While Apple may unveil larger phones, its biggest iPad and a move into wearables at an event in California next week, rival Samsung is first up to bat this week with what will likely be the latest of its big screen devices — the Galaxy Note 4.
Press invitations to simultaneous launches on Wednesday in New York, Berlin and Beijing say “note the date,” hinting that Samsung will display the fourth generation of the smartphone, which could include a 5.6 inch display, a new-look metallic back, improved screen resolution and a 16-megapixel camera.
A second version with a curved screen may also appear along with a 3G smartwatch equipped with a SIM-card slot to make it more of a standalone device.
Samsung, Apple’s biggest competitor, has seen its stock decline 8.6 per cent this year. Earnings at the world’s largest maker of mobile phones have fallen for three consecutive quarters, pinched between competition with Apple for customers of high-end smartphones and Chinese manufacturers such as Xiaomi Corp. and Lenovo Group Ltd. for less-expensive models.
All of that could help Samsung capitalize on its lead in a wearables arena that CSS Insight researcher Ben Wood calls “increasingly chaotic.”
Samsung has offered no confirmation of what to expect and Apple has said only that it has booked the cavernous Flint Center for the Performing Arts in it home base of Cupertino, Calif., for an announcement on Sept. 9.
Long-standing rumours suggest Apple will unveil bigger 4.7-inch and 5.5-inch iPhones alongside a wristband in two or three sizes which the tech press has dubbed the iWatch.
Apple’s planned product introduction on the second Tuesday in September is in keeping with a strategy of releasing new iPhone models in that month, kicking off a broader reboot of its lineup in time for the holiday shopping season. Last year’s iPhone 5s and 5c also debuted on the second Tuesday of September.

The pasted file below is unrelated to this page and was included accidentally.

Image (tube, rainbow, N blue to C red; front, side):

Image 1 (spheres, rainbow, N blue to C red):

Apple Chief Executive Officer Tim Cook, under scrutiny to show the company can produce groundbreaking products without Jobs at the helm, fueled consumers’ and investors’ anticipation by hinting throughout the year that there are new products in store. Eddy Cue, Apple’s executive in charge of iTunes and the App Store, has said the company has its best product pipeline in 25 years.
Apple aficionado websites said the device will feature several health and fitness biometric sensors including a heart monitor along with basic notification and access features linked with Apple’s mobile operating system.
Some models with a durable sapphire crystal display will be priced at more than $1,000 (U.S.), KGI securities analyst Ming-Chi Kuo said in a research note to investors. He said the display will be flexible and could be curved to fit around the user’s wrist.
“I expect Apple to launch multiple smart watches that come with different designs as watches are fashion accessories. One design doesn’t fill all,” he wrote. Kuo said the watch may include wireless charging and near-field communications.
A wearable device from Apple would face competition from companies including Nike, Sony, LG and Samsung that are all pushing heart rate and fitness watches.
A number of the devices offer sophisticated biometric features with optical and electrical sensors that collect data on blood flow, Co2/ozygen levels and temperature collated by access apps and displayed on a small mobile screen.
Forecast since 2012, the iWatch speculation picked up this spring after Apple trademarked the iWatch name and reportedly hired a design team and booked a late summer production window.
But some Apple watchers aren’t convinced an Apple wearable is ready for release.
“Expectations for a watch product may prove to be frothy for an item that has not been announced and has no pricing attached,” BGC Financial analyst Colin Gillis wrote in a note to investors.
Chinese website G 4 Games cites unnamed sources as saying only the 4.7-inch version of the iPhone 6 will be unveiled on Sept. 9, with the 5.5-inch version destined for a later release and the iWatch not likely to ship before 2015.